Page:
We’re joined today by Irish Times journalist Louise Holden for a special guest post on the politics of shopping.
Grocery shopping has become complex to the point of absurdity. There has been a steady convolution of the simple act of shopping over the last twenty years, but recession brings a new and bewildering twist. How does the politically-sensitive and nutritionally-literate shopper get by on a budget?
Consider fruit. An apple a day has to come from somewhere but more often than not it comes from Israel or Chile which clocks up way more air miles than antioxidants. You could opt for the Irish variety, but what’s this? Wicklow Pink Ladies are double-wrapped in cellophane and
a foam tray and will gleam in a landfill until long after the benefits
of the apple have worn off and I am composting nicely in a graveyard
Perhaps I should go to the farmer’s market in the posh neighbourhood
two postcodes away from mine and buy spotty Irish apples in a paper
bag. However, that would involve a drive that would probably burn
more energy than it takes to create and destroy the foam tray. Sigh.
These have been issues for over-analytical shoppers for some time but
now that price sensitivity has come into the mix, it’s meltdown in the
aisles. All the above considerations are swept aside by the lure of
three trays of fruit for the price of two. Who gives a damn where they
came from? It’s where they’re going that matters.
My dinner plate became politicised around 1999 when I started paying
attention to things. I’ve stopped buying red meat since I learned that
it takes about 15 fields of wheat to fatten up a single cow and while
I’m eating my burger a whole village in India is going without the
water it took to irrigate the 15 fields to grow the wheat to feed the
cow I’m eating. But a pound of mince for 4 quid in Superquinn? That’s
very hard to resist. After all, if it wasn’t for meat protein we
wouldn’t be the political animals we are today.
Chickens, it goes without saying, are trouble. It’s €13 for a free
range chicken and I have worthily parted with that sum each week for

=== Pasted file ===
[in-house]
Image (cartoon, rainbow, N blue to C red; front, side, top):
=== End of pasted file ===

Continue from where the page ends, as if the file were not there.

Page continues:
as long as I can remember. Now that I’m broke, along with the rest of
the country, I’m finding it extremely hard to resist the €6 meal
deal that includes a Death Row chicken plus some non-organic Peruvian
carrots and a packet of processed, heavily salted ready to roast
potatoes from Shropshire. No politics, no patriotism, just
tantalisingly cheap food.
I feel sad eating the chicken that lived the unexplored life.
Poisoned, even. I feel worse about this than I felt when I nicked that
button badge of Ben Volpellier Perriot off the front of Smash Hits in
1986. I used to be a good person but my morals have slipped since I
lost the gloss and indignance of youth.
Each week, it seems, a new shopping sin is added to the Consumer
Commandment Index and I’m losing track. Thou shall not buy overfished
cod. Thou shalt buy dolphin-friendly tuna. Thou shalt seek out
fair-trade and Irish-made even thou you’ll never get both in the one
product. Thou shalt avoid packaging. Thou shalt not buy palm oil
because of the sad gorillas. Thou shalt not covet trans-fats or MSG.
Thou shalt covet plant ethyl stanoids and L.Casei Immunitas and other
Then there’s the ruling on organic food. If I don’t feed it to my
children I’m condemning them to a short life of toxic overload. If I
do, I’ll never have the money to send them to college and they’ll
slide into a lower socio-economic group than their parents and have a
statistical propensity for a shorter lifespan anyway.
By the end of the venture I’m so wracked with guilt and moral
confusion that I waltz through the self-service till without paying
for the organic condoms and the fair-trade shamrock pesto under the
pile of sustainably-farmed cotton shopping bags in my trolley. But
that’s not a sin anymore, is it? My wallet can’t afford to buy them:
my conscience can’t afford not to.